Existing Newcastle United season-ticket holders have until 5pm today to book their seasons for the 2022/23 campaign.
Given the turnaround at the club over the past few months, its hard to imagine too that many supporters will fail to renew, though, unquestionably, fans will have to make some tough decisions due to the cost of living crisis.
The club had lost thousands of season-ticket holders during Mike Ashley’s time as owner, the latter years of which were punctuated by boycotts and protests against his ownership.
Now, with the club under new ownership, thousands are ready to return – and many more would like the opportunity to buy a season-ticket. Monday night’s stunning 2-0 win over Arsenal was a glimpse into a brighter future under head coach Eddie Howe.
The 12th-placed club’s box office will close at 1pm tomorrow so these final renewals can be processed.
Newcastle say news of a general release of season-tickets will be announced in “due course”.
There haven’t been enough seats to meet demand in the second half of the campaign, and United’s new owners must decide how to proceed this summer.
The club, which told the Newcastle United Supporters Trust a couple of years ago that it had 30,000 season-ticket holders, has been working on plans for a release of new season tickets.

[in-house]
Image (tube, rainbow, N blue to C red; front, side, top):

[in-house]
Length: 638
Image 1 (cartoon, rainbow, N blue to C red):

A club statement, issued late last month, read: “Any seats not renewed by this date (May 19) will be released for general sale. Information on general sale season tickets will be confirmed in due course.”
Newcastle must decide whether to give priority to those who previously held season tickets – and those with a purchase history.
This would at least ensure that those fans who followed the team during its lean Ashley years get the opportunity to return to watch matches during a hoped-for challenge for European football and trophies.
Premier League rules also state that clubs must keep back a number of tickets for matchday sales.
Rule R.6.9 states that clubs must “promote the availability of tickets by reserving a reasonable proportion (at least 5%) of them for sale to non-season ticket holders”.
United, which famously had a 10,000-name waiting list for season tickets in the 1990s before the stadium was expanded to its present 52,000 capacity, may well choose to keep back more than 5% of tickets for match-to-match sales.
Co-owner Mehrdad Ghodoussi revealed the determination of the club’s new owners to expand the stadium again in an interview earlier this year.
“We’ll definitely look at expanding it,” Ghodoussi told The Athletic in February. “We're working with the city and council to see what we can do. If we can get it to 60,000 or 65,000, amazing.”
It would be amazing, but stadium expansion won’t be easy given that St James’s Park is hemmed in by by the grade-1 listed Leazes Terrace.
Land on Strawberry Place was also sold for development by Ashley, though work has not yet begun on the site.
In any case, expansion is a long-term aim. In the meantime, the club, which has to set aside 3,000 seats for away fans, must decide the fairest way to distribute its remaining tickets next season – and that’s easier said than done.